Ground stone tools from the copper production site Al-Khashbah, Sultanate of Oman

  • JLS Admin
  • Stephanie Döpper Goethe University Frankfurt

Abstract


Archaeological research at Al-Khashbah, Sultanate of Oman, conducted by the University of Tübingen, revealed a large Early Bronze Age (3rd millennium BCE) site. During the intensive surface survey and excavations, several ground stone tools were found. Most of them came from the vicinity of monumental stone and mud-brick structures, so-called towers, and are clearly connected to copper-processing waste such as slag, furnace fragments and prills, i.e. droplets of molten copper. Therefore, it is assumed that these ground stone tools were used within the operational procedures of copper-processing. Interestingly, only the monumental towers from the first half of the 3rd millennium BCE, i.e. the Hafit period, feature larger quantities of ground stone tools as well as copper processing waste. Towers from the second half of the 3rd millennium BCE, i.e. the Umm an-Nar period, have none. Within the scope of this paper, the distribution of the different types of ground stone tools in Al-Khashbah as well as their find context will be presented. They are illustrated with drawings generated from 3D models created using digital photography processed with the software Agisoft Photoscan. Comparisons with other 3rd millennium BCE sites in Eastern Arabia show that there as well, copper-processing remains are often associated with ground stone tools. The overall variety of types seems to be rather homogeneous in the region.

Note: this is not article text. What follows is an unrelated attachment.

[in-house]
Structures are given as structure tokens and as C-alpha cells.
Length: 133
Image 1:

Author Biography

Stephanie Döpper, Goethe University Frankfurt

Institute for Archaeological Sciences
Goethe University Frankfurt
Norbert-Wollheim-Platz 1
60629 Frankfurt am Main
Germany

Published
01-Aug-2019
How to Cite
Admin, J., & Döpper, S. (2019). Ground stone tools from the copper production site Al-Khashbah, Sultanate of Oman. Journal of Lithic Studies, (in press). Retrieved from http://journals.ed.ac.uk/lithicstudies/article/view/3082
Section
Articles from the 2nd Meeting of the Association for Ground Stone Tools Research